Hitchcock Deserves His Status as an Auteur
Alfred Joseph Hitchcock was born August 13, 1899, Leytonstone,
England, and died in 1980 in Los Angeles, USA, of liver and heart
problems. He went to Ignatius College in London, to the School of
Engineering and Navigation, and then to the University of London. He
started his film career in 1919 illustrating title cards for silent
films at Paramount 's Famous Players-Laskey Studio in London. There he
learned scripting, editing and art direction and rose to assistant
director in 1922. By 1925, he had directed his first finished film, "
The Pleasure Garden" shot in Munich. His breakthrough film, "The
Lodger", came a year later. Alfred Hitchcock directed over 50 films in
total, including "Vertigo" (1958), "Psycho" (1960) and "The Birds"
(1963), and they earned him the title "the master of suspense".
Hitchcock the Auteur
Hitchcock achieved the title "master of suspense" particularly through
his mastery of the technical means to build and maintain suspense. He
used innovative camerawork (viewpoints and movements), editing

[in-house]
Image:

techniques, soundtrack, lighting and mise en scene. Because of this
unique style, Hitchcock is considered to be an auteur. "Auteur" is a
French word meaning "author" and was first used to describe a film
director by Francois Truffaut, a French film theorist. The term refers
to a film director with solid technique, a well-defined vision of the
world and a degree of control over production. It is really a way of
saying that a film has a particular director's signature on it.
Psycho - an overview
"Psycho" was such a revolutionary film it founded a whole new film
era, the modern horror genre. The film is about a motel keeper who has
a pathological obsession with his mother and the murder of an innocent
woman who accidentally intrudes into his life. The film begins with
Marion, who steals $40,000 so she can afford to get married. She
drives from the city to her lover and, on the way, stops at the Bates
Motel where she meets the owner, Norman, a very nervous but friendly
young man. After hearing over tea with Norman about his relationship
with his mother, Marion retreats to her room where she has a shower
before bed. While in the shower she is brutally murdered by what seems
to be Norman's mother. Later, when a private investigator goes looking
for Marion, he is also horrifically murdered by the "mother" and only
when Marion's sister, Leila, accompanied by Marion's lover, Sam, comes
looking for her do we discover that the "mother" is actually Norman.
He had been dressing up as his mother since killing her, along with
her second husband, many years earlier.
The Parlour Scene
A key scene in Psycho is the parlour scene. Nothing horrible happens...